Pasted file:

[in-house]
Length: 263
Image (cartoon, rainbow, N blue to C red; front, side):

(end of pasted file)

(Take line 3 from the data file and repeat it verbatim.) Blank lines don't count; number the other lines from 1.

Image (cartoon, rainbow, N blue to C red; front, side):